Another activity I've gotten a lot of mileage with is my Mitten Companion Set for the Don't Break The Ice Game by Hasbro.  I made a set that is similar to Winter Clothing Don't Break the Ice Companion that includes small cards to tape onto the ice blocks and two sets of game cards.



One set of cards features pictures of all the animals and characters in the story, along with a smaller version of each picture to tape on the ice blocks.  The younger kids love to turn over a card and tap the matching ice block until it falls.  It's a great way to learn new animal vocabulary.  When used with my Mitten Fold-Out Book, you can practice the repetitive text from the story.  You could have the child turn over a card and say "The ______ went in.  Push, push, push!" before they tap the ice block.

The second set of cards features wonderful vocabulary words found in the original text of The Mitten.  There are so many great words that add to the detail and the richness of this story!  Words like burrowed, talons, commotion, admire, tunneled, lumbered and jostled.  I used these cards along with the picture cards for the older kids.  They turned over one card from each pile and had to make up a sentence that included both words.  For example, in the picture above where the two cards show "rabbit" and "talons", the child might say, "The rabbit saw the owl's sharp talons so he let him in."

This sentence construction activity was an amazingly easy way to help my students add details and complexity to their narratives.   As I mentioned earlier, I had my third through fifth graders retell the story using the props after we read the book together.    I recorded their story using the video camera on my iPad and then transcribed the text.  I used a graphic organizer from the Snow Much Fun With Language set I purchased from If I Only Had Superpowers to map the parts of the story and list the details and vocabulary used.  Over the next two weeks, we used these cards again and again.  We defined words we didn't know, we acted them out by pretending to burrow under a table and jostle each other, and when we played the game, we made up AMAZING sentences.  At the end of our unit, I gave them the opportunity to retell the story with the props and reminded them to use some of the new words they learned.  I recorded them again and was absolutely ASTOUNDED at the improvements they made.  It was so cool!  One third grader's baseline story was 3:38 minutes long.  It included all the basic elements such as characters, setting and a sequence of events, but was very lean on details.  He did not describe the animals' reactions to the other animals wanting to squeeze into the mitten; he just named the animals and said they went into the mitten.   His sentences were very basic and non-descriptive.  His post-test story increase to 5:40 and included at least 11 new details and vocabulary words.  This version included the animals' responses to each other and was much more similar to the story we read together two weeks earlier.  I was so proud of him!  I LOVE it when we can prove success in our treatment strategies!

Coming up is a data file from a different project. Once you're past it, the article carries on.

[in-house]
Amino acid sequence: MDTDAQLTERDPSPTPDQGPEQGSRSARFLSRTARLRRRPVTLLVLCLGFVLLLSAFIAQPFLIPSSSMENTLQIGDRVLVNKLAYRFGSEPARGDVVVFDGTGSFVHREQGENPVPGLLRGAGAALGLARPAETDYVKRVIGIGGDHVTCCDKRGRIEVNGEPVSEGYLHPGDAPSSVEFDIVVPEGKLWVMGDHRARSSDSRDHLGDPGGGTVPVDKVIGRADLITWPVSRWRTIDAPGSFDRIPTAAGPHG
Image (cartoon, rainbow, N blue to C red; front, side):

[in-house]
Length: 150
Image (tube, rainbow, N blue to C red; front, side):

Want to try it for yourself?  You can find it at my TpT store here.

Have you been using The Mitten with your kids this year?  I'd love to here how.


February 6, 2014

Picky Penguin Valentine Freebie



I just added a new Valentine freebie to my Facebook page.  It's a cute little matching game I made to be used with those darling little mailboxes from the Target dollar section or any cute box or bag.  Each Valentine card features a fussy penguin who requests a specific heart for his or her Valentine.  Students find the heart that matches, sticks it on the card and puts it in the mailbox to be "sent".  Here are some of the Valentine cards:


It's a great activity for matching colors, following directions, and other speech and language concepts.  If you'd like a copy, all you need to do is go to my Facebook page, click on the "Like" button, and then click on the Free Downloads tab.

*Update 2/8/16: Facebook no longer supports freebies on individual pages. You can find this freebie at its new home at my TpT store.

Enjoy!